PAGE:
Wednesday, August 21, 2013

Me and J.K. Rowling... or Why You Should Always Take Photos of the Writers Who Lurk in Your Coffee House

Cool Elephant Chair at The Elephant House in Edinburgh, Scotland

This past Tuesday, approximately... well, okay, more like precisely nine months after our first international travel experience, my daughter and I finally finished our souvenir photo album. It is 109 pages detailing a ten day trip and I plan to read and relive every page of it at least a dozen times in the next several months.

Now that that's done, perhaps I can move forward on that travel memoir I had in mind...

Or maybe not, but I did want to share a story about our trip. Honestly, it's a bit shocking to me that I have not shared this story already.

On the list of things to see and do in Edinburgh, Scotland was The Elephant House. If that name does not ring a bell with you, let me elaborate. The Elephant House is the coffee house where J.K.Rowling allegedly wrote the first draft of the first Harry Potter novel.

It's a hard spot to miss if you are in Edinburgh. It's a bright orange building in a city where most everything is dark and gray. In fact, if I took away anything from Edinburgh, it was that Hogwarts and Hogsmeade seemed a lot less fanciful after walking the streets of such a dark and damp, made-all-of-stone city. It's got a huge black castle in the middle of it, after all. There was no need to remind myself. I certainly wasn't in Kansas, after all. (Though we did see Dorothy, the Tin Man, the Cowardly Lion and the Scarecrow wandering the streets of Edinburgh. Go figure.)

Anyway, in the window of The Elephant House, there is a painting of J.K. Rowling sitting at a large round table right in the center of the room. I have to admit I was disappointed. I stared at the image for a bit before shaking my head. Nope. No way. You can't tell me that a want-to-be-writer sat right there in the middle of the room, at the biggest table, no less, drafting the first pages of what would become Harry Potter.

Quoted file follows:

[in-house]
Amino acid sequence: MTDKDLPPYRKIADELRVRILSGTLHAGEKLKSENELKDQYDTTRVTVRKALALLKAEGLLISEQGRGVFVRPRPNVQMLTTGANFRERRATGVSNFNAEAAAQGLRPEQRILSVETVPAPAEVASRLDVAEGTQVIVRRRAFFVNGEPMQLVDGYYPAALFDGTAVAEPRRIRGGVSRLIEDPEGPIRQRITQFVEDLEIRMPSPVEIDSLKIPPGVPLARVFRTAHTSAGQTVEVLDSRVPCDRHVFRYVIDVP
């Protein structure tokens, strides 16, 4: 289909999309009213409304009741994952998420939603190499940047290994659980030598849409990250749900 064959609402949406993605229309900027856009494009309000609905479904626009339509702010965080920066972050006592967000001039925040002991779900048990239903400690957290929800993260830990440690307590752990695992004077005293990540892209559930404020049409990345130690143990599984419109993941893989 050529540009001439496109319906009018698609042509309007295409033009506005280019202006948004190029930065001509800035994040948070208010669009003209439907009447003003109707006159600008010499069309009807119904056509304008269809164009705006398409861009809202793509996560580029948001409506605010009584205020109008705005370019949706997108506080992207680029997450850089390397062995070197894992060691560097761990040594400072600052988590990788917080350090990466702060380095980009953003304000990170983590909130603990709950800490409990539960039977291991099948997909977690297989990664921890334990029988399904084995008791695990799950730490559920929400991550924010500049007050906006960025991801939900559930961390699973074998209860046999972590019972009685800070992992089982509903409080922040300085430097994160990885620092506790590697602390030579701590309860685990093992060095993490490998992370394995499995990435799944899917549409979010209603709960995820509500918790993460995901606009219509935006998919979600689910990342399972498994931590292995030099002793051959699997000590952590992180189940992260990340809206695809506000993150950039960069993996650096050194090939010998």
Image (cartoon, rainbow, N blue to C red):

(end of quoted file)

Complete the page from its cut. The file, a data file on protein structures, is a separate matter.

We went in and inspected the options for seating. It didn't take me long to select the far corner of the room, pretty much as far as one could get from the main entry. "This is where a writer would sit," I told my daughter. "Probably with her back to the door, so as not to be distracted."

I think this painting at The Elephant House should serve as a lesson to coffee houses the world over. Take a photo of every writer who frequents your tables. You have no idea when you might be serving the next J.K. Rowling, and it would be really nice for you to have an historically accurate picture on record for when they do get famous.

"Birthplace of Harry Potter" complete with historically inaccurate recreation by an artist.

Evie's Earl Grey Tea from The Elephant House.
I drank Ginger Beer at every opportunity. If we had Ginger Beer in the US, I would almost become a soda drinker.

Our wonderful breakfast of Portabello Mushroom and Goat Cheese on Toast. This is almost a regular dish in our house now.
The women's restroom at The Elephant House.
When I am a famous author one day, my fans will write beautiful tributes to me on the bathroom walls. I'm being serious here. This was the nicest graffeti I have ever read. Some of it even made me a little teary eyed.

**I'm tagging this as "today's stories" even though it took place nearly a year ago. Wonderful trip. So many stories that I can't believe I haven't told yet! 

Sunday, August 18, 2013

Interview at Indie Author Land